Whereas, the output CP of the quartz oscillator 8 is supplied to a first frequency divider 91, in which the output CP is frequency-divided to 1/M. A frequency-divided output signal CP1 (refer to FIG. 2A) therefrom is supplied to a second frequency-divider 92 thereby frequency-divided into 1/N. An output signal CP2 (refer to FIG. 2B) of this second frequency-divider 92 is supplied to a third frequency-divider 93, whereby the signal CP2 is frequency-divided into 1/L. This third frequency-divider 93 produces a signal SFX of the frame period (refer to FIG. 2C).
This signal SFX is supplied to a clock terminal CK a D flip-flop circuit 47, so that the output from the NAND gate 46 is latched to the D flip-flop circuit 47 at the rising up of, for example, the signal SFX.
Moreover, this signal SFX is supplied through an inverter 48 to a trigger terminal of a monostable multivibrator 49 which produces an output M1 whose rising-up time is slightly delayed than that of the signal SFX. This output M1 is supplied to the clear terminal CL of the counter 41 by way of the AND gate 45, so that the counter 41 is cleared when the output M1 rises up. Then, the output of the NAND gate 46 becomes "1", so that the counter 41 is put into the count possible state and the NAND gates 42 and 44 are opened to allow the number of the clocks CP during the respective transition intervals of the reproduced signal to be counted again.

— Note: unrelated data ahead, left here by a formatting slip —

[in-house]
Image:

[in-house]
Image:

As described above, the D flip-flop circuit 47 latches the output of the NAND gate 46 at each frame period. At this time, if within one frame period there exists any one of transition intervals of the signal HF exceeding 5.5T the output of the NAND gate 46 becomes "0".
Therefore, the D flip-flop circuit 47 produces an output VS which becomes "0" in next one frame period if there exists any one of the transition intervals of the signal HF longer than 5.5T during one frame period and which becomes "1" during next one frame period if not.
The output VS from this D flip-flop circuit 47 is supplied to an AND gate 51 and is also inverted by an inverter 52 to be supplied to an AND gate 53. The output of the AND gate 51 is supplied through an OR gate 54 to the inverting input terminal of an operational amplifier 60, while the output of the AND gate 53 is supplied through an OR gate 55 to the non-inverting input terminal of the operational amplifier 60.
As will be described in greater detail later, AND gates 51 and 53 are gated open by gate signal Q in the logic level "1" state during the period when the speed of rotation of the disc is brought into the constant linear velocity range. While AND gates 51 and 53 are thus held open, the output VS from flip-flop circuit 47 is passed therethrough. Accordingly, when the rotational velocity of the disc D is slow, the maximum transition interval Tmax in the reproduced signal HF exceeds 5.5T and the output VS of the D flip-flop circuit 47 becomes "0", the AND gate 51 produces the output "0" and the AND gate 53 produces the output "1", so that the operational amplifier 60 produces as its output voltage the positive voltage so as to increase the rotational velocity of the motor M.
Whereas, when the rotational velocity of the disc D is fast, the maximum transition interval Tmax of the reproduced signal HF is shorter than 5.5T and the output VS of the D flip-flop circuit 47 becomes "1", the AND gate 51 produces the output "1" and the AND gate 53 produces the output "0", so that the operational amplifier 60 produces as its output voltage the negative voltage so as to decrease the rotational velocity of the motor M.